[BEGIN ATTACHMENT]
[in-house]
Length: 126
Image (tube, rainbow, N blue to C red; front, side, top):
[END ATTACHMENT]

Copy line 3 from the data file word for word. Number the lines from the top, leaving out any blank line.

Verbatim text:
Image (tube, rainbow, N blue to C red; front, side, top):